|Recent Research in OBM and BBS: From the Lab to the Corporate Office
|Sunday, May 25, 2008
|1:30 PM–2:50 PM
|Area: OBM/CSE; Domain: Applied Research
|Chair: David A. Wilder (Florida Institute of Technology)
|CE Instructor: David A. Wilder, Ph.D.
Four studies in OBM and BBS will be presented. The first study examined the effect of rules on employee performance in a human service setting. The second study examined the effects of contingent access to high vs. low preference items on employee performance in a laboratory setting. The third study investigated the effects of observer presence on individuals work-related behavior both within-session and across sessions. The fourth study evaluated the effects of variations of self-monitoring on safe posture performances during typing of four office workers in a simulated office setting.
|The Effect of Rule Delivery on Employee Adherence to Procedures at a Residential Treatment Facility.
|JAMES L. SQUIRES (Florida Institute of Technology), David A. Wilder (Florida Institute of Technology)
|Abstract: The way in which rules impact workplace performance has been a topic of discussion in the Organizational Behavior Management community for some time. However, rules, or contingency specifying stimuli as they have been described, have not been evaluated in an applied setting before. The purpose of this study was to examine the role of rules in the workplace. Participants included two employees at an intensive residential treatment facility. The dependent variable was the percentage of sign out/in cells completed on the form. First, a goal was set for employees based on baseline performance. Employees were then given one of two randomly assigned goal-rules. Goal-rules consisted of a praise goal-rule or a reprimand goal-rule. Goal-rules were administered at the start of each shift. The corresponding contingency described in the goal-rule was delivered (i.e., praise or reprimand) if the employees met the goal. Performance increased dramatically over baseline levels after the introduction of the Goal-Rules. Performance then decreased during the reversal phase, and then increased once again at the reintroduction of the goal rules. Slight differences in performance were noted between the two types of goal-rules for each participant.
|The Effects of Varied versus Constant High, Medium, and Low Quality Stimuli on Performance.
|BYRON J. WINE (Florida Institute of Technology), David A. Wilder (Florida Institute of Technology)
|Abstract: Previous research has shown that children prefer varied to constant reinforcement when identical stimuli are used (Egel, 1980) and that this holds true for some individuals even when the constant reinforcement is of higher quality and the varied reinforcement is of lesser quality (Bowman, Piazza, Fisher, Hagopian, & Kogan, 1997). The purpose of this study was to compare the delivery of varied versus constant high, medium, and low quality stimuli on performance among two adults on a computer-based task in an analog employment setting. For both participants, constant delivery of the high quality stimulus produced the greatest increases in performance over baseline; the varied presentation produced performance comparable to constant delivery of medium preference stimuli. Results are discussed in terms of their implications for the selection and delivery of stimuli as part of employee performance improvement programs in the field of organizational behavior management.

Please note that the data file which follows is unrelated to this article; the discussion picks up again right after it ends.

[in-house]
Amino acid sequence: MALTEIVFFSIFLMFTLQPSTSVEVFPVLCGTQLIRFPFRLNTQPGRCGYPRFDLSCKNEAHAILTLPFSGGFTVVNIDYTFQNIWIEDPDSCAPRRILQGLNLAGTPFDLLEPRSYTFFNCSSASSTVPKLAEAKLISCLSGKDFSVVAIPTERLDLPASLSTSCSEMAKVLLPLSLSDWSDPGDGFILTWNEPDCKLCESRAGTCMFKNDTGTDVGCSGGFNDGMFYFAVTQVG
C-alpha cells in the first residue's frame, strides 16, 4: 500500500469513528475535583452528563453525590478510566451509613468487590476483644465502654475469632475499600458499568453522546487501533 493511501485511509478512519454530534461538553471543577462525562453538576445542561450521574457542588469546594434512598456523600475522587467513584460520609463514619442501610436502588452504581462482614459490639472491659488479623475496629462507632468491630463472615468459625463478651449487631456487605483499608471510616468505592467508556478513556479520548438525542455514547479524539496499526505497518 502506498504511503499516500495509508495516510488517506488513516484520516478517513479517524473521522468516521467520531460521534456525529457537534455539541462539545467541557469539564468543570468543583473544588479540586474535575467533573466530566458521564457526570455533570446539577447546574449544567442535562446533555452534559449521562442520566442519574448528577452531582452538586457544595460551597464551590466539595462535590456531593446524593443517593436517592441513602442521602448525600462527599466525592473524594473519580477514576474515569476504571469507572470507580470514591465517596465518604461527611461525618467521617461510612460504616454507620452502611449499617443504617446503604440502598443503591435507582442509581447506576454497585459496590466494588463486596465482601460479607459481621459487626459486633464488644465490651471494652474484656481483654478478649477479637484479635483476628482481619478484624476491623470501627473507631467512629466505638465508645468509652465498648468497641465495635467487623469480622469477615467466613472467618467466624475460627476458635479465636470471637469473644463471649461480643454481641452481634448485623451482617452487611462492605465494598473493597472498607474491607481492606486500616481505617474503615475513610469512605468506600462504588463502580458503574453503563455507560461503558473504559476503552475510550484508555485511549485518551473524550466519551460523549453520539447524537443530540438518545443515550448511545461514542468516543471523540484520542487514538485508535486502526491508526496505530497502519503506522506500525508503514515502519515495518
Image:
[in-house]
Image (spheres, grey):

|Investigating the Effects of Observer Presence on Individuals' Work-Related Behavior Both Within-Session and Across Session.
|ANGELA R. LEBBON (Western Michigan University), John Austin (Western Michigan University)
|Abstract: A multi-phased multiple baseline design across participants was used to evaluate the inter-session effects of observer presence on participants’ body posture behavior, time on-task, and productivity. The intra-session effects of observer presence on participants’ body posture behavior, time on-task, and productivity were examined by utilizing within-subject, phase-by-phase comparisons across three minute time blocks (wherein nine video frameshots represented each three minute block). Of the 30 behaviors exposed to observer presence (across all participants), 22 demonstrated reactivity and 14 demonstrated habituation when analyzed across sessions (i.e., inter-session effects). Of the 36 behaviors exposed to observer presence, 29 demonstrated reactivity and 20 demonstrated habituation when analyzed within sessions (i.e., intra-session effects).
|Improving Safety Posture Using Self-Monitoring: Some New Variations.
|KRYSTYNA A. ORIZONDO-KOROTKO (Western Michigan University), Shannon M. Loewy (Western Michigan University), Nicole E. Gravina (Western Michigan University), Angela R. Lebbon (Western Michigan University), John Austin (Western Michigan University)
|Abstract: The present study evaluated the effects of variations of self-monitoring on safe posture performances during typing of four office workers in a simulated office setting. The study employed a safety checklist with six dependent variables: Wrists, neck, shoulders, back, arms, and legs. Secondary dependent variables were productivity and accuracy of self-monitoring. The independent variable for the first two participants was a combination of accuracy training and self-monitoring of a target behavior for safety during typing. Participant 1 also received a change in workstation set-up (the addition of a wrist pad). For the last two participants, the independent variable was a differing of the frequency of self-monitoring (every five minutes, then every two minutes) of a target behavior for safety during typing. Results varied for all participants, ranging from significant improvements to no improvements with different dependent variables. Implications, advantages, limitations, and suggestions for future research will be discussed.